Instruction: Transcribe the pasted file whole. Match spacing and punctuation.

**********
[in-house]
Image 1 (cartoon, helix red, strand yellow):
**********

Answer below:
[in-house]
Image 1 (cartoon, helix red, strand yellow):